Fresno Beehive

Rogue Review: ‘Beers About Songs’ a must-see

Ryan Adam Wells delivers a masterful performance in “Beers About Songs.”
Ryan Adam Wells delivers a masterful performance in “Beers About Songs.” Rogue Fest

“Beers About Songs” has everything I like: Alcohol, music, stories about alcohol, dark breakup humor, alcohol and “X-Men” references.

I probably should not be the one to throw out the Rogue Fest superlatives, as I am but a learner and should defer to Master Donald. But I doubt you will find a better show than Ryan Adam Wells’ clever, raw, screaming folk hour. It was head-and-shoulders the best show I’ve seen in the last two Rogue Fests. The other Bees would likely have me shot if I used the “you’ll laugh, you’ll cry” cliché, but many audience members in Friday’s nearly full opening performance did exactly that.

The show is short on gimmicks. It’s just Wells and his guitar – no instrument changes, no calls for audience participation, no special effects. With that guitar and a voice that veers from a slight country twang to a powerfully emotive folk yell fit for a “Once” touring company, Wells lifts and batters his audience with tales of young love, alcoholism, abuse and college stupidity. His jokes – even the admittedly corny ones – hit their mark, but the songs elevated “Beers About Songs” to soaring heights.

The subject matter gets a little dark, but the show ends on an uplifting and positive note. Although Wells talks about beer and sex, the show remains appropriate – and maybe even important – for teenagers.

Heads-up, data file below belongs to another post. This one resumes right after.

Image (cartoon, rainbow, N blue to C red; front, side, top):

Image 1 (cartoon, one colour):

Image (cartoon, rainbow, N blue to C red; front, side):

Wells has an interesting stage presence in that you don’t really know whether to invite him out for a pint mid-show or stare dumbstruck at his talent. I actually did see him at the bar after the show, while I was – preparing my diligently taken notes for this review. I chickened out. I hate bothering people – especially performers who just blew my mind.

I honestly can’t think of a single thing that went wrong, and that’s painful for a critic. This is the part where I like to find one tiny thing to nitpick about to prove I was objective and not just some groupie. But he didn’t flub a line. His voice didn’t crack as he nearly shook Mia Cuppa during his most powerful moments. Heck, I’ve played guitar for more than a decade, and that man hardly missed a note during his furious plucking.

Go. Run, don’t walk. Go now.

Beers About Songs

Rogue Review

  • March 5 8 p.m.; March 10 5 p.m. and March 11 3:30 p.m.
  • Mia Cuppa Cafe. 620 E Olive Ave.
  • $10